Lowell, Percival (1855–1916)

Percival Lowell

Percival Lowell.

Percival Lowell sat at the 24-inch reflector at the Lowell Observatory

Percival Lowell sat at the 24-inch reflector at the Lowell Observatory.

Mars globes

Visit Mars globes.

Born into a wealthy and well-known Bostonian family, Percival Lowell gave no early indication of the obsession that would come to dominate his life and create an enduring romance involving extraterrestrial canals (see canals on Mars) and an advanced martian civilization (see life on Mars). At Harvard, where for 24 years his brother was president, he showed a talent for mathematics and even presented an astronomical address entitled "The Nebular Hypothesis". But following his graduation, he devoted the next 17 years to family business concerns and three extended stays in the Orient. He served as Foreign Secretary and Counselor to the first Korean diplomatic mission and, during his time in Korea and Japan, wrote four books on Eastern thought and culture. Then, for some reason which is not entirely clear, he caught the Mars bug. Perhaps he had been inspired by reading Flammarion's popular treatise on the planet. Or, it may have been Schiaparelli's work that influenced him directly. Certainly, as early as 1890, he had begun to correspond with William Pickering on the subject. By the beginning of 1894 he had determined to become actively involved in the study of Mars and made urgent preparations in order not to miss the favorable opposition which was due later that year. He stated his goal in an address to the Boston Scientific Society on May 22, 1894:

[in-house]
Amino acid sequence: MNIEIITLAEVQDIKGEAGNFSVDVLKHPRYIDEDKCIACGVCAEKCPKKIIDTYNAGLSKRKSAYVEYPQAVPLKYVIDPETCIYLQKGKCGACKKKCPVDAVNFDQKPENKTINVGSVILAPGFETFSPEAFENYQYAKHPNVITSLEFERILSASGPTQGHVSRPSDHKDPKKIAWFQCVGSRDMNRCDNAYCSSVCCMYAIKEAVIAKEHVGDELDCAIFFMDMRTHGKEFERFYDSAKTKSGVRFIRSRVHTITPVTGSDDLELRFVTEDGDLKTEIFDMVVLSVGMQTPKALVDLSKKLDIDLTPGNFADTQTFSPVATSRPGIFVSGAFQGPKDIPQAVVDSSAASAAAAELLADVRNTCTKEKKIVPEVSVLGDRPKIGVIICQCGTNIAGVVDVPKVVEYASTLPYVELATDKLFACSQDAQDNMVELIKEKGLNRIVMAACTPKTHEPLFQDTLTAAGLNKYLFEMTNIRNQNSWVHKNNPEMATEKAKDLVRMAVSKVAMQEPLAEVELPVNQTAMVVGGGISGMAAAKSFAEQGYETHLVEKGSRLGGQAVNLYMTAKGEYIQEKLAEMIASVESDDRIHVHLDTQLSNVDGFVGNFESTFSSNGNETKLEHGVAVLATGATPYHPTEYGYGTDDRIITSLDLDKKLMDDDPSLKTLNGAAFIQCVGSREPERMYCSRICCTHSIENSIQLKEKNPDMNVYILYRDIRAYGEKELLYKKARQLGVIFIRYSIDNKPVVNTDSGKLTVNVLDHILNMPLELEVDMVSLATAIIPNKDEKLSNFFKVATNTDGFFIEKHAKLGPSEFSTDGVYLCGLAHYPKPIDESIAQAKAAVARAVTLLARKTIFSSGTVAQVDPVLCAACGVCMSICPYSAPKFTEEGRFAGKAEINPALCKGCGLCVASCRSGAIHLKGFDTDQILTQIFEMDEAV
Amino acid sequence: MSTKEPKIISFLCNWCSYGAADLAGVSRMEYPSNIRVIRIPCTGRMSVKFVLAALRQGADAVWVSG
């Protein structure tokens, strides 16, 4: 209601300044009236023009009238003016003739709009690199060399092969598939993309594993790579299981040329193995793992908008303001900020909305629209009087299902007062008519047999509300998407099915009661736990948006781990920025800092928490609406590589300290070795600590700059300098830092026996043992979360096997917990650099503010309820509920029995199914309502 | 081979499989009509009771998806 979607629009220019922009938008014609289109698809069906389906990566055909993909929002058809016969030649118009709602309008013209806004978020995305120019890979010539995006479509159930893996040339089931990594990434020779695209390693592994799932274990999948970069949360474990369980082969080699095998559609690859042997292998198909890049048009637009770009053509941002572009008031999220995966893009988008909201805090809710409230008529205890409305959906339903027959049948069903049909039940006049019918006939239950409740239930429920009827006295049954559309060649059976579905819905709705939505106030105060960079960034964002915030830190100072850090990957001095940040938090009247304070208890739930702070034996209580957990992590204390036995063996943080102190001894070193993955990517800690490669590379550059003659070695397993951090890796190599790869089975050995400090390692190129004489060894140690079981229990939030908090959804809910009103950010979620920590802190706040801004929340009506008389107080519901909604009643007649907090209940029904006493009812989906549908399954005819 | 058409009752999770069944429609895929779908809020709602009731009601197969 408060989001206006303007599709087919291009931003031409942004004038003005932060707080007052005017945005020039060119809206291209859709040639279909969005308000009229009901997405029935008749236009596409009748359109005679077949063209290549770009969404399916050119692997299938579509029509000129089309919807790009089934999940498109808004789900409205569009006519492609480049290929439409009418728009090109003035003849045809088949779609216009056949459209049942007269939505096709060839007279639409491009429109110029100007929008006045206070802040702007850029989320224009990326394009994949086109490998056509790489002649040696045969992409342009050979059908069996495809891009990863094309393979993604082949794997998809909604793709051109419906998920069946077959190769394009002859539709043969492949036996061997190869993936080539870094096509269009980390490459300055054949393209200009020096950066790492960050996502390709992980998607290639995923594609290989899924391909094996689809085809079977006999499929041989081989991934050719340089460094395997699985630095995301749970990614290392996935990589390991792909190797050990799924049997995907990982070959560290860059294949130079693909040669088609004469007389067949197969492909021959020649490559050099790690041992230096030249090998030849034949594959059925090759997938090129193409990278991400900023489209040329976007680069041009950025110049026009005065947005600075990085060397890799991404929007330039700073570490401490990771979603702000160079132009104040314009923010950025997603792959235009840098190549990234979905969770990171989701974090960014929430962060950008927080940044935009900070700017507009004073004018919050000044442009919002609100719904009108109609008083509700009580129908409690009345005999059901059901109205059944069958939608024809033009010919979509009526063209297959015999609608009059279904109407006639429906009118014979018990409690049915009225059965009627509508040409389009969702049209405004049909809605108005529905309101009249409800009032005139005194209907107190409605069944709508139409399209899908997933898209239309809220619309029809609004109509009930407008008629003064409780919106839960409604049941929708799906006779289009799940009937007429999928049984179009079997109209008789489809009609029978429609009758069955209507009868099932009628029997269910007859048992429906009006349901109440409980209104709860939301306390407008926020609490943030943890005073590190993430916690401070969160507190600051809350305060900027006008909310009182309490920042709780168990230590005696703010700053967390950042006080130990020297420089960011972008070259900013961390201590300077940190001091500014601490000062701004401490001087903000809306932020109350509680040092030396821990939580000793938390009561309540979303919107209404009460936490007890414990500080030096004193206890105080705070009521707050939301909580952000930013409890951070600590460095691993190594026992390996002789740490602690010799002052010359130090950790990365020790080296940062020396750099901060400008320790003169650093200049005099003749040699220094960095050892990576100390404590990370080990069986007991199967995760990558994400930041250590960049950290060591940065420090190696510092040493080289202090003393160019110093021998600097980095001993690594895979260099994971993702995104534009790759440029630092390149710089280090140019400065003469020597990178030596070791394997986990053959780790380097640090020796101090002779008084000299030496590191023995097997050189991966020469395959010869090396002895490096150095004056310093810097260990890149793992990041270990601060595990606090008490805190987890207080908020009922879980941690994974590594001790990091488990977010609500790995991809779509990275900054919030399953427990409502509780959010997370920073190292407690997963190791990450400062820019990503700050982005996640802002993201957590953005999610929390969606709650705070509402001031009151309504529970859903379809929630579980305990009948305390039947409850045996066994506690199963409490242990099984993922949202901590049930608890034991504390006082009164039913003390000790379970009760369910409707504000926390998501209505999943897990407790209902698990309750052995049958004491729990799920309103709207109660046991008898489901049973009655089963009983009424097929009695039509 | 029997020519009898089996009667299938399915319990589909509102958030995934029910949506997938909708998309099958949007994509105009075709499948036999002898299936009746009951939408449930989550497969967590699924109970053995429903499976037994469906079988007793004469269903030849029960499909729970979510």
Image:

This may be put popularly as an investigation into the condition of life on other worlds, including last but not least their habitability by beings like [or] unlike man... there is strong reason to believe that we are on the eve of pretty definite discovery in the matter.


As to the nature of Schiaparelli's canali he had no doubt: "... in them we are looking upon the result of the work of some sort of intelligent beings ..."


Together with Pickering and Andrew Douglass, he set up two sizable telescopes (a 12-inch and an 18-inch refractor), both on loan, at a hastily erected observatory in Flagstaff, Arizona (see Lowell Observatory). By August, he was sketching canals and other intricate features on the martian surface, including dark spots where the canals intersected. Pickering had first reported seeing these spots, which he referred to as "lakes" in 1892. Now, Lowell saw them, too, and renamed them "oases". In his mind, they were the tracts of vegetation (see vegetation on Mars) irrigated by meltwater brought by the canals from the poles. After seeing Mars at just one opposition, Lowell launched a publicity blitzkrieg to announce his theory about the grand hydrological schemes of an alien race. Numerous articles, lectures, and a book, Mars,1 by him in 1895 were greeted with fascination by the public and extreme skepticism, if not outright derision, by most astronomers. When asked which books he had enjoyed reading recently, British astronomer Norman Lockyer replied, "Mars by Percival Lowell, Sentimental Tommy by J. M. Barrie. (No Time for Reading Seriously)." And here is James Keeler, who became Director of the Lick Observatory in California, speaking at the dedication ceremony of the Yerkes Observatory at Williams Bay, Wisconsin in 1897: